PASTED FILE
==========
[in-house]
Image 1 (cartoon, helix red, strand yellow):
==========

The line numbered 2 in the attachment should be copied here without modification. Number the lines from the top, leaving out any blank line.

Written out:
Image 1 (cartoon, helix red, strand yellow):